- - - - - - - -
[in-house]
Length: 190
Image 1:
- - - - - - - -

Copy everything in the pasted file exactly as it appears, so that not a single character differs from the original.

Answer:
[in-house]
Length: 190
Image 1: